Rough chopping vegetables and leaving peel/skins on takes less time and adds nutrients to the broth.
I have developed a routine when making a whole roasted chicken like this recipe, in which I use poultry shears to remove the backbone. I store these in a bag in the freezer until I have accumulated enough to do a larger batch of bone broth.
I also part our own whole chickens, removing the back and deboning the breasts, saving the bones in the freezer to accumulate enough for a larger batch of bone broth.
Each time I roast a chicken (minus the backbone), I pull 3-4 frozen backbones out of the freezer while I'm preparing the chicken for roasting. This allows time for them to thaw. After carving and cleaning the roasted carcass of all the meat, I place the carcass (with all the herbs and veggies still inside) along with the back bones into a large stock pot for a batch of bone broth.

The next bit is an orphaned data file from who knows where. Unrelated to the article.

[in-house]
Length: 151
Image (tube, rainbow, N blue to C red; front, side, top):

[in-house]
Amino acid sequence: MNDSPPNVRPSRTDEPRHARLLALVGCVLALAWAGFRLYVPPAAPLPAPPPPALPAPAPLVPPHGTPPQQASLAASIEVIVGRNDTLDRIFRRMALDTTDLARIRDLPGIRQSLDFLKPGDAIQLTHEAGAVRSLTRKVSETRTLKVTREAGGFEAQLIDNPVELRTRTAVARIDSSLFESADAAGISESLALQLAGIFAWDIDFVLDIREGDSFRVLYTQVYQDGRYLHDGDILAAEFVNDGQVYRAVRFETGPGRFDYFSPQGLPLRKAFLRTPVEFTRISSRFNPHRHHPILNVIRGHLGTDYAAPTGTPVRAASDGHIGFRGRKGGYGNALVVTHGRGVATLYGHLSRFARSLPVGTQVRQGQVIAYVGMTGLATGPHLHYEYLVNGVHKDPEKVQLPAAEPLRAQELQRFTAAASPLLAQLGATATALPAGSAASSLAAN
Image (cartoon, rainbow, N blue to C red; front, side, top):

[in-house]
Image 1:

approximately 4-5 quarts
2 lbs. of bones from a healthy source (or carcass from roasted chicken)*
1 onion with skin
2 stalks of celery with leaves
2 cloves garlic with peel (some like to add this in the last 30 minutes of cooking)
1 large bunch of fresh rosemary
1 bunch of parsley with stems
1T or more of Himilayan salt
1 t peppercorns
additional herbs or spices to taste
Optional: 1 tablespoons Apple Cider Vinegar
Place well-picked chicken carcass (with saved backbones if applicable) in large stainless steel or cast iron stock pot. For 2 lbs of chicken bones, add 1 gallon of clean water to cover the carcass. If using apple cider vinegar, add to water. You may add herbs and vegetables to stock pot now or wait until you have removed scum.
Bring to a boil. Once it has reached a vigorous boil, reduce to a simmer. During the first few hours of simmering, you’ll need to remove the scum that floats on the surface. A frothy/foamy layer will form and it can be easily scooped off with a big spoon. I typically check it once it reaches a boil to remove this.
Cover with lid and set on lowest range setting for 24 hours. The longer you cook this nourishing broth, the more savory and concentrated it will become.
I have found that 3-4 backbones to one roasted seasoned and stuffed carcass creates the best flavor and consistency.
I use a strainer and canning funnel to strain broth into quart or pint jars for storage.
Click this link to learn more about the benefits of bone broth.